Machine learning (ML) is emerging as a useful, though complex, tool supporting automation and advanced risk analytics. ML can help us understand how to quantify mortality risk and can provide a clearer view of future risk to support business growth.
While traditional underwriting practices involve lengthy client questionnaires and medical tests, the industry is now moving to meet newer generations' expectations with low-touch “accelerated underwriting.” While these technologies may feel less invasive to customers, their data collection brings potential for greater post-bind risk.
Businesses are also facing challenges in accurately assessing the core risk profile of people. Recent trends such as growing obesity risk, e-cigarette use, and opioid abuse are not captured well by traditional static mortality tables, whose life expectancy projections are based on historical data. These tables are often limited, potentially built with simpler data, with aggregate views that don’t consider key differences among individual insureds’ unique and underrepresented profiles in historical data. They can employ complex adjustment systems for adding or subtracting overall mortality risk, requiring hard-to-find expertise.
The results of these limitations are numerous. Underwriting is often performed to meet minimum criteria. The lack of adequate data can lead to businesses over- or under-valuing the risk. With difficulty seeing the bigger picture, firms may be reluctant to diversify, and instead try to hyper-focus on an individual market and product, which often leads to doubling down on similar risks and becoming over-exposed.
If we knew more about the attributes of insureds in portfolios and their quantifiable impacts to overall mortality risk, we could make better risk decisions. To meet these challenges, the industry is increasingly turning to tools that apply machine learning, including the advanced stochastic modeling incorporated in our Life Risk Models.
Applying ML Techniques to the Life and Pensions Markets
While it may be newer to the life insurance industry, machine learning is used widely in other fields to develop analyses and provide additional insights. For example, Amazon uses ML algorithms to constantly analyze what it knows about individual users—age, gender, and location, purchase and search history, etc.—in combination with their accumulated knowledge of the larger population, to drive sales and offer products that the consumer is likely to buy. ML can be similarly applied in the life and pensions market.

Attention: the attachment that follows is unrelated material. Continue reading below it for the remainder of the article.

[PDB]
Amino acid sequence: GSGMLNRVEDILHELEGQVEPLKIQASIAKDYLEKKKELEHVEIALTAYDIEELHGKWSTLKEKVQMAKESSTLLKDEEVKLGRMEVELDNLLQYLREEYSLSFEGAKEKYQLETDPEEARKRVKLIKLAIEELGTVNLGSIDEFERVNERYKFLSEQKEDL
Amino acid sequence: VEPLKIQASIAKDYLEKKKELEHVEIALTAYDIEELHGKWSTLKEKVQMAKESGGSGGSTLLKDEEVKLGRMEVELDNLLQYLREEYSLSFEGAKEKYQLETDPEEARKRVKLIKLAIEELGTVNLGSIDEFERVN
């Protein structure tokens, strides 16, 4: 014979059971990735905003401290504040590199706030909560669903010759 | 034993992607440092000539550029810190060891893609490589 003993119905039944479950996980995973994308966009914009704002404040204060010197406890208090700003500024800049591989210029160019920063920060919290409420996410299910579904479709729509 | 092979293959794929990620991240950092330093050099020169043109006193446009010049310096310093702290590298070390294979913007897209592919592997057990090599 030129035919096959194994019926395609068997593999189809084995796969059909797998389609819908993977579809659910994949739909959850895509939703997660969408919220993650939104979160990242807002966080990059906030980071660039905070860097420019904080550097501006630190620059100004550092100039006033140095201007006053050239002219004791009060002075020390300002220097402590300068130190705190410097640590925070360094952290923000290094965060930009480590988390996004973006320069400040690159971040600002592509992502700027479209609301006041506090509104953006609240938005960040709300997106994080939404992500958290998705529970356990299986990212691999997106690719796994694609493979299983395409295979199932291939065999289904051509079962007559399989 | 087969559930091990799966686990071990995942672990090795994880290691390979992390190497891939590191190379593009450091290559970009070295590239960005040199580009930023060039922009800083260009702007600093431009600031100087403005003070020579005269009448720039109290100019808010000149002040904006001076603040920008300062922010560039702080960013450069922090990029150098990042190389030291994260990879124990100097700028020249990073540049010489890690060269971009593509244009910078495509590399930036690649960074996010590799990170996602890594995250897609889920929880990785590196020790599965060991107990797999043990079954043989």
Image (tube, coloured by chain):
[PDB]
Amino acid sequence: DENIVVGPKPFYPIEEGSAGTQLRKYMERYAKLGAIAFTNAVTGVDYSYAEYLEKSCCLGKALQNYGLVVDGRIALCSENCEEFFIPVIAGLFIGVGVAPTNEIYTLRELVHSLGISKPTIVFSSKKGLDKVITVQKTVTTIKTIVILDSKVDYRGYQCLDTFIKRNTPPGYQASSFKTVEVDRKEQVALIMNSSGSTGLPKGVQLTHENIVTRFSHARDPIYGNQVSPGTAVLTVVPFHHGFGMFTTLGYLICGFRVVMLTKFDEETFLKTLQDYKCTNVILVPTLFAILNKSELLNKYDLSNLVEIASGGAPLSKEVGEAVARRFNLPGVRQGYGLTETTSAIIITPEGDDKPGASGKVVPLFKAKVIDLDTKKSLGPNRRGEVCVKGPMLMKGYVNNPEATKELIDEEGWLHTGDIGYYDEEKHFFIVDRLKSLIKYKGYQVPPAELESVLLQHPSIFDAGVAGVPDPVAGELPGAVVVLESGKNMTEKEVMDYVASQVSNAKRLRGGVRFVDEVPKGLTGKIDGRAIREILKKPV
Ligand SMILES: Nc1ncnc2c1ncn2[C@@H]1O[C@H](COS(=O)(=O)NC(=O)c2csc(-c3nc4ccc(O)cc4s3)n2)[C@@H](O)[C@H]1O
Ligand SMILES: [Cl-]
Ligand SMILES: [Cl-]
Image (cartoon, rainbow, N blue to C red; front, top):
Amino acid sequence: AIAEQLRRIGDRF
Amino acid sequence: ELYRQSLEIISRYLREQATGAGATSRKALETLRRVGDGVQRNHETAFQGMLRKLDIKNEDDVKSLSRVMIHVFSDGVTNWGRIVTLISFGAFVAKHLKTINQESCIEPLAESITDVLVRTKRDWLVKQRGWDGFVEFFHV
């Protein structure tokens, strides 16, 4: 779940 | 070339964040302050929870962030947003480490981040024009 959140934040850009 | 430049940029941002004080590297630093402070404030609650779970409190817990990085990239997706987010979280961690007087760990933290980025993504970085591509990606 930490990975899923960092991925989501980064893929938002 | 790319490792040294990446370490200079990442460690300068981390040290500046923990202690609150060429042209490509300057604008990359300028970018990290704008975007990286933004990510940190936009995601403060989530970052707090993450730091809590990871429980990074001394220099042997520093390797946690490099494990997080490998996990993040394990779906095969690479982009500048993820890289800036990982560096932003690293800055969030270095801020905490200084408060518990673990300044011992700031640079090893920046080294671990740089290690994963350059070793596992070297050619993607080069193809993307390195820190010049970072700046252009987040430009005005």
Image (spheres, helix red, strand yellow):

ML is considered a part of artificial intelligence and, as the name suggests, is concerned with programmed systems that are capable of learning. It is useful for assessing "big data" sets, where each data element tells us a bit more about each other element. By finding and testing potential meaningful correlations, it can find information that the analyst did not even know to look for. As it learns what correlations should get more weight in relation to other factors, ML helps sift through what may be competing information.
Traditional statistical analytics (e.g., multivariable linear and non-linear regression) are limited by the data, the intuition of the modeler, and the insight a modeler is able to derive; complex relationships between data points also limit the abilities of the modeler. ML has the advantage of being able to take on highly complex relationships and is often, but not always, better at predicting outcomes.
To apply ML effectively, however, involves carefully addressing complex testing parameters. The modeler must understand how to configure inputs in a way that makes sense, and how to uncover difficulties the ML model may have in discerning some correlations. Ensuring repeatability of outcomes with subsequent testing is not guaranteed, which highlights a major concern of ML—overfitting. This is clearly an issue in all modeling but can be—and often is—more challenging to detect and remove. And all of this takes significant computing power to run.
In building our Life Risk Models, we employed ML to break down mortality information to provide the best possible estimation of risk. In designing stochastic mortality models, ML lets us ask, “what behaviors and other correlated factors can affect mortality in ways we might not have known to look for?” We know mortality is affected by numerous factors such as geography, age, sex, medical history, current medications, income, family history, personal responsibility, and personal connectedness. ML gives us tools to assess these data sets more dynamically, often increasing our ability to draw in data that might be omitted with more traditional approaches.
Non-traditional data sources such as social media and marketing data can provide information on lifestyle aspects, such as whether a person might be a skier, ride a motorcycle, or have unhealthy eating habits. Expertly applied, ML is what allows our stochastic model to effectively assess this complexity to provide a detailed understanding of the drivers of mortality risk at the individual and portfolio level.
Speed and Confidence
With increased speed and precision, ML applications tailored to the life insurance and pensions industries are helping us leverage new data sets and rethink mortality risk. As the size and number of available data continue to grow, meeting these technology shifts is key to future success, and will require new skill sets and new ways of doing business.
Today, most underwriters, actuaries, claims analysts, and enterprise risk managers are making decisions on their own, but these internal siloed decision-making structures may hamper the ability to leverage new technologies. Data scientists can work collaboratively across the company, using tools such as our Mortality Projection Model to help provide understanding on the risks being taken on, target marketing, and design entries for new markets with speed and confidence.